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It’s no secret that ASU attracts some of the brightest minds in Arizona, but the financial assistance that helps them continue their studies outside the classroom is what turns them into world-class scholars.
Annie Carson, a global health major in the School of Human Evolution and Social Change, is one such student. After discovering a passion in high school for maternal health and childbirth practices, she has developed this interest further at ASU. Last summer, she visited six foreign countries to conduct research for her honors thesis thanks to an award from the Circumnavigators Club Foundation, which supports programs that further its mission of improving international relations through friendship and understanding.
“I have so many interests and passions that would be difficult to implement on my own volition as a student,” Carson says. “Having support gave me the spark to consider doing something as huge as this project.”
Carson’s research took her to Australia, Bangladesh, Guatemala, the Netherlands, Rwanda, and Sweden. As she traveled, she met with policy makers, midwives, and researchers while investigating the international status of maternal health care.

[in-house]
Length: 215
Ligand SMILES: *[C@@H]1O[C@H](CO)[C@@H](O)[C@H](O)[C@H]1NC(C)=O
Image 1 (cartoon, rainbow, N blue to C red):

“It was a privilege to meet so many amazing, passionate people and to have them share their stories with me,” Carson says.
Carson’s opportunities to impact international maternal health can continue through her support from the Flinn Foundation. Carson’s Flinn scholarship covers the cost of tuition, fees, room and board, and at least two travel-abroad experiences. The merit-based scholarship program supports Arizona’s highest achieving students who choose to attend an Arizona university.
Carson looks forward to sharing her research and to someday giving back to other students. “I believe that today’s students are going to be the thinkers and the pushers and the changers,” she says.